HealthDay News — About 20 percent of U.S. adults experience chronic pain, according to a study published online April 2 in PAIN.
Robert J. Yong, M.D., M.B.A., from Brigham and Women’s Hospital in Boston, and colleagues used data from the National Health Interview Survey (NHIS) to examine the prevalence of chronic pain and its impact among adults in the United States.
The researchers found that 50.2 million adults (20.5 percent) reported pain on most days or every day based on a chronic pain module introduced into the 2019 edition of the NHIS. Back pain and hip, knee, or foot pain were the most common pain locations. Physical therapy and massage were the most commonly utilized management strategies. Limitations in daily functioning, including social activities and activities of daily living, were reported by respondents with chronic pain. Compared with those without chronic pain, respondents with chronic pain reported significantly more workdays missed (10.3 versus 2.8).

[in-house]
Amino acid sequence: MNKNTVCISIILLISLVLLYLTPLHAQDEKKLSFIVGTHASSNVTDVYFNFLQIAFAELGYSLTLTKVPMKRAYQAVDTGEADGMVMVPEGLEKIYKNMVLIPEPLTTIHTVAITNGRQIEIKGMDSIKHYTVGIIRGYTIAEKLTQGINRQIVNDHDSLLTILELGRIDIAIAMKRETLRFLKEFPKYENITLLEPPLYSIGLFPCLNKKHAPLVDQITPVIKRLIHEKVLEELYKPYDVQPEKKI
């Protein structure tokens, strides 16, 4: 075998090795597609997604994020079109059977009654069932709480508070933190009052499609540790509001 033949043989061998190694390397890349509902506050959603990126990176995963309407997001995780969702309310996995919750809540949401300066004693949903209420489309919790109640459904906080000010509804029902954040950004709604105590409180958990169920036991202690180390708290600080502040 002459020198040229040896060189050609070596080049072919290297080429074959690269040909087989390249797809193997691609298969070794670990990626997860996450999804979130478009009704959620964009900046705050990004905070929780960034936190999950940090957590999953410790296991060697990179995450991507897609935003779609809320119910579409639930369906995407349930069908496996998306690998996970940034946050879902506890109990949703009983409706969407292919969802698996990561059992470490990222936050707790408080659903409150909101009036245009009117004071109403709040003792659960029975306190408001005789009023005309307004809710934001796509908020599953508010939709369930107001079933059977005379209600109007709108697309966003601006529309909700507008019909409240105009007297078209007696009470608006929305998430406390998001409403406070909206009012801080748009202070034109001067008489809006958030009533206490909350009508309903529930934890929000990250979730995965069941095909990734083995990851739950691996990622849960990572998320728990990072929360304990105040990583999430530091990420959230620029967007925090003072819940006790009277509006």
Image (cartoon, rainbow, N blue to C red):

“Given the overall scale and impact of pain on Americans, we see that a multimodal, multidisciplinary approach to treating pain is even more important than what we have been emphasizing over the past few decades,” Yong said in a statement. “We need all of the tools in our armamentarium to treat patients suffering from chronic pain.”